Initially, I conceived of maintaining a safe environment for children as a set of regulations that should be followed to eliminate any danger to kids. They should be under supervision, engaged, and prevented from risk to their health. All childcare facilities should adhere to safety measures and have the stuff that is sufficiently trained to handle children as well as respond to unexpected childcare situations.
One of the most apparent safety issues is group size. The number of children in Candace Ledbetter’s video (2015) and SiouxFallsSchools’ video (2016) is inadequate to the small space in the classroom. In both cases, there are over fifteen children, which creates two problems for the teachers. Firstly, some of the pupils are more easily distracted and cannot be simultaneously observed by the supervisor. Secondly, a large group means loud noise and hustle, which is evident in Autumn Grinstead’s video (2017) and OurSaviorMarlette’ video (2010). Obviously, it can impede active supervision.
Another safety issue is related to the use of technology. In SiouxFallsSchools’ video (2016), a teacher uses a video projector to highlight the lesson’s materials. Some children are sitting too close to the screen, which is potentially harmful to the eyesight. Besides, the multitude of colors on the projector creates the danger of epilepsy for pupils in close proximity. Moreover, the screen operates on electricity from the red electrical outlet. It is located close to the floor and can be accessed by children, which can result in injuries or jeopardize fire safety in the facility.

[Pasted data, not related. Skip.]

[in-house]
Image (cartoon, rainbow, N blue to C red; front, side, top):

The organization of classrooms has two potential risks to child safety. First, Oakhill Day School’s video (2016) shows a large group of children. They are constantly moving and playing, which generates heat and leads to the rise of temperature in the room. Shavelaney Dorsett’s video (2013) does not show any windows as all light is artificial. It means that the facility relies on air conditioning rather than fresh air to clear the room. As a result, children are exposed to too high or too cold temperature, which raises the risk of SIDS.
Overall, there are two ways of improving safety regulations in childcare. Legal policies should prohibit using rooms without windows for lessons. It will adequately ventilate a room and allow children to breathe more easily. To increase fire safety, electrical sockets should be placed outside of children’s access. Legal rules should also call for obligatory training in the case of a fire. Teachers can use evacuation drills in a game manner as emergency response training.
The second way of correcting safety measures is via changing facility policies. For instance, Cindy Venckus’ video (2013) shows the only class with an adequate teacher-pupil ratio. Candace Ledbetter’s video (2015) showcases the use of a teacher assistant to keep track of children’s activities. However, social distance has become especially prevalent in the light of the COVID-19 pandemic. Therefore, class groups should be limited to ten children with one teacher at most.
Autumn Grinstead. (2017). Mrs. G’s first grade morning meeting – Hit the floor [Video file]. Web.
Candace Ledbetter. (2015). SPE 551 observation 2 [Video file]. Web.
Cindy Venckus. (2013). Early education enrichment one hour class observation [Video file]. Web.
Oakhill Day School. (2016). Toddler time [Video file]. Web.
OurSaviorMarlette. (2010). Mrs Kilmer’s 4yr old class playtime [Video file]. Web.
Shavelaney Dorsett. (2013). The reader’s workshop: Kindergarten guided reading lesson – Early starts reading! [Video file]. Web.
SiouxFallsSchools. (2016). Pettigrew kindergarten Lucy Calkins reading lesson [Video file]. Web.